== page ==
Some of the highlights of Nusa Penida include:

  • Pura Goa Giri Putri Cave – An incredible worshipping spot carved into a cave high on a mountain. Wear a sarong and prepare for a moving experience.
  • Kelingking Beach – A contender for the most Instagram-worthy beach in the whole of the Bali Sea, Kelingking is tucked under a sculpted headland with high cliffs and frothing waves.
  • Toyapakeh – Snorkeling reefs to rival El Nido in the Philippines await here, with brain corals and sponges and strange trumpet fish. Just beware of the currents.

Day trips around Bali

Bali rice fields
Photo by Envato Elements

The great thing about Nusa Dua being a hub for loads of the best hotels is that it’s also a hub for tour operators that run trips around the Isle of the Gods. You should find it a cinch to find an outfitter offering everything from volcano hiking to art workshops. Of course, that’s not ideal for the traveler who likes to go it alone and plan for themselves, but it’s a doozy for those who simply like to pay their money and strap in for the ride.

There’s a whole load of options on the menu. Some things will require a hefty transfer and mean being away from the hotel for a few days or more. Other day trips from Nusa Dua really are just day trips, leaving in the morning, getting back by evening. Here are some of our favorite excursion options:

  • Uluwatu (day trip) – Spend a day in one of the world’s surfing meccas. The waves are super challenging, left-hand reefs, but it’s a joy just to watch them rip it up from the lookout bars above.
  • The Gili Isles (3-4 days) – Take a few days to enjoy the tropical vibes of the Gilis. These have white-sand beaches and palm plantations. The liveliest is Gili T, but we prefer the R&R offered on Gili Meno.
  • Ubud (day trip or longer) – Ubud is the cultural heart of Bali. Set up in the jungles to the north of Nusa Dua, it’s got workshops and coffee stores and some of the most beautiful rice terraces around.
  • Mount Agung (multi-day) – The famous sunrise trek on Mount Agung takes you to one of the highest points on Bali to watch the light appear above Lombok over the strait. It’s a fantastic experience but the hike is hard, plus volcanic activity on the mountain means trips can be called off at any time.

So, is Nusa Dua worth visiting?

Nusa Dua is a secluded area of Bali that’s centered around the resorts, with everything you might ever want readily available. Said resorts are pretty darn awesome, too – we’re talking huge infinity pools and spa facilities, fine-dining eateries and big villas done in the Balinese style. They’re probably the best on the whole island.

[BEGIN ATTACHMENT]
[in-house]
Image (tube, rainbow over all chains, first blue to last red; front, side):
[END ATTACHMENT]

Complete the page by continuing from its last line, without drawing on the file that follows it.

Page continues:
As such, there’s no need for you to ever leave your resort or hotel. That might be a problem for some travelers who’re craving a more backpacker experience in Bali. Why? Nusa Dua isn’t really the real Bali. For that, you need to visit places like Ubud, Uluwatu or Canggu, where you can soak up the sights and sounds of authentic Balinese culture and rub shoulders with the resident digital nomads.

Still, Nusa Dua can hardly be beaten if all you’re after is a bout of pure R&R, some sunbathing, reliable surf, and one seriously fantastic hotel. It’s also close to the airport and within reach of some of the most beautiful beaches on the whole island!

Is Nusa Dua touristy?

Nusa Dua is a very upmarket part of Bali and mainly given over to high-end resorts and hotels. Although Nusa Dua’s beaches attract many tourists from other parts of Bali, there’s not much else to see or do unless you’re a guest at one of the hotels. So, yes, there are tourists, but no, it’s not a typical ‘touristy’ area.  

Is Nusa Dua expensive?

Nusa Dua is the most expensive part of Bali due to the upmarket resorts and five-star hotels that dominate the area. Most of the facilities in Nusa Dua are of exceptionally high quality, but you’ll pay a premium. Better places for those on a budget include nearby surf beaches like Bingin or Uluwatu.

How do you get to Nusa Dua?

Nusa Dua is 25 kilometers from Bali’s Denpasar airport, which is only a 20-minute drive away. A taxi there will set you back around 150,000 IPR (just over $10), but all the hotels and resorts offer free shuttles, so you may not need to pay anything. Another option is the cheap and cheerful Bemo Bus, which costs whatever the driver feels like charging on the day (five dollars for tourists, fifty cents for locals).

Is Nusa Dua worth visiting for the beaches?

Is Nusa Dua worth visiting for the beaches alone? Most certainly. Some of the very best beaches in Bali await here. Nusa Dua Beach itself is gorgeous, but you’ll also find Geger Beach and Samuh, not to mention the reef-fringed surf spots of the western Bukit Peninsula just 30 minutes’ drive away.


For more than 11 years, Joe has worked as a freelance travel writer. His writing and explorations have brought him to various locations, including the colonial towns of Mexico, the bustling chowks of Mumbai, and the majestic Southern Alps of New Zealand. When he's not crafting his next epic blog post on the top Greek islands or French ski resorts, he can often be found engaging in his top two hobbies of surfing and hiking.

View stories